THE recessions of the 1980s and 1990s were characterised by the high number of businesses which went into liquidation. We have seen some high profile casualties over the past few years but the fear of many of a flood of insolvencies has not materialised, particularly within the small- and medium- sized business sector.
The number of business failures now is at the level they were before the economic storm of 2008 hit. That contrasts sharply with the insolvency ‘lag’ we saw in previous recessions where the number of businesses being liquidated was higher in the period after recession than it was during.
This has surprised many economists and business experts, not least many insolvency practitioners, but I believe it tells a story of increased confidence in the ability of company owners and their backers to turn around a firm that is failing and give it a new lease of life. The days of cutting and running are over.
Many insolvency experts are simply not keeping up with this trend. Too often there is apathy among practitioners, afraid to accept that change is happening and that the way they do business needs to change. For a sector that is all about dealing with change and companies that run into problems, they are failing to evolve to keep up with the reality of the post-recession business climate.
Here in Yorkshire, the second biggest financial centre outside of London, my experience shows that we are actually leading the way in this new approach to dealing with struggling companies. I work in both Leeds and London and whereas the old practices of a firm getting into trouble and being put into liquidation continue to be common among the traditional insolvency practitioners, here in Yorkshire we are seeing greater willingness to invest time, money and effort in making good the bad.
You will frequently find that it is outside the capital that changes happen more quickly. We are seeing this with insolvency as practitioners evolve from being the people who go in to close a company down and liquidate its assets to those who go in, work with the owners and find solutions to turnaround the business.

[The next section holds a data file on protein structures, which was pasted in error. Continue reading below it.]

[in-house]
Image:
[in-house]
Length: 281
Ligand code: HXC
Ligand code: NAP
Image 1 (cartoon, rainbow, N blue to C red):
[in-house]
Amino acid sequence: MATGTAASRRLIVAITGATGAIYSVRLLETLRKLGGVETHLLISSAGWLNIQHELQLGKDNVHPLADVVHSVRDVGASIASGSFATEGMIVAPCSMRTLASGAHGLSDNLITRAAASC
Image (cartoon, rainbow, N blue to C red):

This is happening in Yorkshire faster than elsewhere – there appears to me to be more private equity available and businesses are more willing to ask more quickly for the help and support they need to recover rather than let the situation get past the point of repair. Once again, Yorkshire is leading the way in finding the best solutions that are now catching on elsewhere around the country.
Whether it’s the continued popularity of Dragons’ Den, or business angels seeking opportunities in a challenging economic climate, we are seeing across Yorkshire – as around the country – a huge increase in the number of business angels willing to not only put up their own time and effort but also money to invest in a business’s future and turn it around.
As you see from Peter Jones and Deborah Meaden on our TV screens, the questions business owners receive are searching but the benefits can be huge. The ‘dragons’ also want quick returns – that means a struggling business can return to growth quickly and, having turned their fortunes around, owners are once again left to their own devices to develop their company as they wish. I believe this form of recovery – hands-on, intense but ultimately successful, is something we will see much more of in the years ahead.
If all of us who work with businesses in trouble can support these efforts, I have no doubt it will have a huge impact on the whole economy. After all, many insolvencies are caused by a domino effect of one company going out of business plunging countless others into financial trouble.
The future is, of course, unpredictable. At some point interest rates will increase and that will have a significant impact on many new businesses that have recently set up and only existed in an era of record low rates with borrowing often hard to come by but also relatively cheap. However, while some predict we will see a huge number go out of business, I do not believe this will be the case.
Inevitably, some businesses will be unable to stand the increased pressure and will fail. But I think these will be the exception rather than the rule and the increased willingness of business owners to accept help, and the increased amount of turnaround and recovery help available, will see more survive and go on to thrive in the future.
This can only be good for the future of Yorkshire’s economy and of UK plc.
• Rashmi Dubé is founder of Leeds-based Legatus Law.